The quest for an optimal writing approach is never ending. It seems no two writers have the same approach, though it is to be noted that the most successful ones tend to be quite prolific. As an artistic pursuit, it is, by its very nature, a mercurial process. I think one has to be very disciplined if deciding to be a writer.
It is quite an insular profession. Of course, there are those who write as a duo or television writers who work in a team, but for most aspiring writers and those not working in television or have no desire to, it is a solitary process.
In some respects, the writing is the easiest bit, especially the first run or draft. If the initial idea really has legs, it can feel as though the writing is just happening, with no real effort on your part. When writing flows like that, it is glorious. In those times your confidence just soars, every scene, action, emotion spilling onto the page feels right. Writing seems the easiest job in the world.
You stop. Put the draft to one side, work on something else maybe. Or not. You go back to that brilliant first draft. Things have been percolating; was that scene right? Did that reference make sense? Is the lead interesting enough? Is the story coherent? So you reread it. Hopefully, it’s not terrible. It’s not perfect, but you never expected it to be. Does it need tweaking or a complete rewrite? The first, ego driven, response is it only needs a bit of tweaking. Of course, it does. An entire rewrite means your period of flow was utter crap and what you felt was you writing in the zone was probably too much alcohol or caffeine. Tweaking it is then.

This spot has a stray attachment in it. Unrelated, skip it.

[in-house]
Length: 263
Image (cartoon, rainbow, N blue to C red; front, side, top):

It still is not right. You know it’s not right. You are writing a line every hour instead of a page. The inspiration is on holiday. This where the need for discipline comes in and it is hard. You already know you’re not feeling inspired, so to force yourself to keep writing anyway seems futile. Won’t anything you write just be more crap, an uninspired litany of words, desperately trying to be interesting? Maybe.
I suppose it’s akin to the marathon; the only way you can do it is to do it. If you have twenty-six miles to run and you start to hurt sixteen miles in, you can’t just stop and stay where you are. Even if you walk, shuffle or crawl, you have to get to some sort of conclusion, whether it be the end or medical intervention. There is no stopping.
More accurate, now that I think about it, would be scaling a peak. The obvious one would be Everest, but it does not really matter which mountain, or hill for that matter, it is. Once you reach the top you have to come back down. You cannot just stop at the top. You have to find some way to get back to the base. So that’s decided; writing is as hard as mountain climbing.
Obviously writing is not as demanding as climbing, though it can be as mentally arduous, if not more so. The truth is, which is true of any endeavour, skill or undertaking is the more you do it, the better you get. That is true for any and everything. It’s not to say you will necessarily become exceptional at it, but you will definitely get better, more competent and more comfortable at doing it, that includes writing.
You may not become the next J. K. Rowling or Aaron Sorkin, but you will improve your writing and complete the amazing ideas, concepts and scenarios that play out in your head.